“The single main problem with conventional writing about consumption is that it seems to consist largely of authors who wish to claim that they are deep by trying to show how everyone else is shallow.” (Miller 2012, p. 107)
This is my new favourite quote. I don’t want to divulge my key findings, nor do I have time to get into a debate about this now but it’s a nice reminder of subjectivity and the self-importance of researchers, because rightly or wrongly I definitely could have fallen into this trap.
My PhD is all about consumption of material goods. Very early on, I had to make the distinction between consumption and consumerism. Consumption is a crucial element of social life and should be addressed as such. More than simply an act of purchase, consumption is a continuous process of consuming/partaking in/using up a good or service. It is intrinsic to everyday life and a way in which we construct meaning, assert identities and practice acts of love. Consumerism has more negative connotations. It is defined by the ‘desire’ rhetoric rather than ‘need’ and is a fundamental part of the postmodern era I view as distinguished by choice.
I’ve been rewriting my thesis literature review recently and it has been great to go back and see how all of the existing knowledge fits together, and how my studies add to the debates. Without exception humans require some level of consumption in order to survive and to meet basic physiological needs, but consumption over and above this has sparked widespread interest amongst scholars as an avenue for exploring identity construction, socialisation, social class and the relationship between people and material things. I find all of this fascinating, and my approach to the literature review is so different to 2.5 years ago when I started drafting review documents. I can now critique it and discuss it, drawing on historical, sociological and geographical literature to provide a basis for my empirical work.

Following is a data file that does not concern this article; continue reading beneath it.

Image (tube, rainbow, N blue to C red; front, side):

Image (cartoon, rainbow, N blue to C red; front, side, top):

Consumption and its Consequences by Daniel Miller, 2012